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A Closer Look At Terry McLaurin With Land-Grant Holy Land

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Hogs Haven Asks Land-Grant Holy Land About The Redskins New WR

NCAA Football: Rutgers at Ohio State Aaron Doster-USA TODAY Sports

Gabe Ward: So it’s no secret how I feel about McLaurin, I thought he was OSU’s best and most complete receiver. What is your take on him as a player and how he might have success in the NFL with his college QB at the helm?

Geoff Hammersley: McLaurin definitely was one of the bright spots on the receiving unit. Between him, Parris Campbell, Johnnie Dixon and K.J. Hill, those four helped Dwayne Haskins in smashing school and conference records.

Specifically, I liked his ability to be a consistent catching threat. He had huge games against Maryland (118 yards on four catches) and Northwestern (78 yards on three catches), and was the difference maker on the receiving end in those games. Also, he can block—which is a huge plus.

Having Haskins as his QB will do wonders. Making the transition to the NFL is hard, but having his college QB with him will definitely help him get acclimated.

Gabe Ward: WR is typically known as a Diva position where players could be preoccupied with padding their own stats and success and who can become unhappy when the ball doesn’t come their way. McLaurin strikes me as completely selfless in this area. He does the stuff that no one appreciates from his route running, his return ability, his blocking ability etc. Do you think a guy like this makes other guys at the position better? How so?

Geoff Hammersley: I think so. When a receiver can do it all, everyone else gets better—they have something to strive for. If they don’t have that fire to get better, then they probably won’t be on the team for very long.

McLaurin was a team captain last season, so he knows how to lead. Being selfless comes with the territory, and if I were a team in the NFL, McLaurin’s leadership qualities is something I’d want to have.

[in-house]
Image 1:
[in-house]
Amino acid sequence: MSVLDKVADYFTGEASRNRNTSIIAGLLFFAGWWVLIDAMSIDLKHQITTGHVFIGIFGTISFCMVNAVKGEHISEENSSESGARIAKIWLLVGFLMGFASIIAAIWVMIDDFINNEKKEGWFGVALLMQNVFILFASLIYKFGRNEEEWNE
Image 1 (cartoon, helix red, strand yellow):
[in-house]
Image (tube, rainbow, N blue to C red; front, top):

Washington doesn’t have the superstars on the receiving end, and that could be a blessing in disguise. If McLaurin shines, he’ll definitely see ample playing time this season, while helping elevate the guys around him.

Gabe Ward: I know that McLaurin can line up virtually anywhere on the field but he may likely get most of his looks in the slot at least in his first year. Do you think this is a role he can excel in? Projecting his career how do you think he’ll do in the pros? Do you think he can ever be that consistent playmaking receiver with big-play ability?

Geoff Hammersley: Parris Campell was the slot guy for Ohio State last season. But McLaurin also has the speed to break free from defenders. I also wouldn’t be surprised if he wound up on special teams because he can charge down the field.

With Haskins, this could be a very dynamic duo in the NFC East. And if they both increase their ability year over year, then it wouldn’t be too far fetched to think that McLaurin could be the big-play receiver for Washington in a couple seasons.